Israel Nash’s Silver Season was recorded in a Quonset hut which the singer-songwriter built himself on his own land; as recordings began, he and his band had to dig a trench around it to keep out a spate of encroaching spring flooding.  Such insights as these underlie the subtle sense of self-sufficiency burning through the album, which is also awash (no pun intended) with a mix of swirling instrumentation and ethereal vocals.

The Fountain put some questions to Nash about a few of the album’s songs – as well as the state of American politics – on the eve of his 2017 European tour.

TF: Your work has been compared to several classic names of Americana.  What innovations do you feel you’ve brought to the genre that are particularly yours?

I just write songs about my real life, what’s going on in my mind and soul.  And if you’re honest, other people will feel that too and join in.  Shared feelings and experiences make the world smaller.  Songs can do so many things on so many different levels.

TF: Your song LA Lately strikes me as both enamoured of Los Angeles, yet still somewhat ambivalent about its lifestyle.  Is it something you’ve noticed in other songs about LA as well?

LA is a special place.  There are a number of cities throughout the world that I call places where you find your people.  LA has been a place to find your people since its inception.  Sure there are misconceptions and such, but that’s everywhere.  I find the good and the magic around me and LA is full of that stuff.  It’s pure song fodder.

TF: There seems to be a kind of world-weariness running throughout the whole of Israel Nash’s Silver Season.  Can you elaborate a bit on what might be behind it?

Songwriting has always been a very private and personal experience during the creation process.  I spend lots of time by myself writing and pondering.  It’s a very reflective time for me when I write.  So there is sense of absence in the album but moreover it’s a representation of time, the seasons of life.  The ups and the downs, the love and the pain.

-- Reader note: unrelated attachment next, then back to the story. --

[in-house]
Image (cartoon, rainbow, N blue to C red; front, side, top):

TF: There are some passages on the album – particularly on Parlour Song – which could be taken as political comment.  What’s your take on American politics at present?

My take on American politics right now is that I’m mad as hell and I’m not going to take it anymore.

TF: Do you think musicians should be more political?  Do you think any of your future work will reflect current events?

I don’t think anyone can expect a songwriter to be political.  Songwriters are just people and what moves them is unique.  But for me, I write about the way I feel.  And I care about people and the protections of our freedoms to explore this universe around us.  I’m writing a lot about these feelings right now with the current affairs in my country.  But change comes from action and passion.  Songs stir, but actions change the world.

Photo by Kevin Greenblat.

Israel Nash plays Glasgow’s O2 Academy with Band of Horses on Thursday 16th February.  Israel Nash’s Silver Season is out now on iTunes and Spotify.